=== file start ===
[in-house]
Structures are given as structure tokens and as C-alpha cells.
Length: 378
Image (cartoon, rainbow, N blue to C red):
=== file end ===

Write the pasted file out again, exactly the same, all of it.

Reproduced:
[in-house]
Structures are given as structure tokens and as C-alpha cells.
Length: 378
Image (cartoon, rainbow, N blue to C red):